Your Sales Pitch
I tell that story to illustrate how a good, simple sales pitch can be extremely effective during a studio visit. When people come to your studio, they are potential customers. You can guess fairly quickly who does and doesn’t have money to spend, but you’ll be surprised sometimes.
The Soft but Enthusiastic Sell
When I owned a gallery, I once had an exhibit of a series of paintings on ironing boards by an artist that I liked very much. A friend of mine came to the gallery, and I started telling her how much I liked the paintings. We walked around, and I enthusiastically explained what the paintings meant to me and why each one was interesting, and to my astonishment, she said she wanted to buy one. I didn’t think she had any money, but it turned out she had just inherited some from a family member.
Reading Your Potential Collector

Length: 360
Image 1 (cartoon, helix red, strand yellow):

When my wife and I were in the gallery with the Dalí prints, we looked like potential buyers even though we are not big collectors and would not normally (but could, in theory) buy art for several thousand dollars. The first rule of studio visits is never assume your visitors don’t have money to spend. Simply try to get them interested in the artwork itself. All the woman at the Dalí gallery had to do to engage me was ask what my favorite print was. That one line got things going.
To learn more about Brainard Carey and his services for artists, or to take a class from him, click here. To join one of his free weekly webinars, click here. To download the workbook mentioned in this series, click here.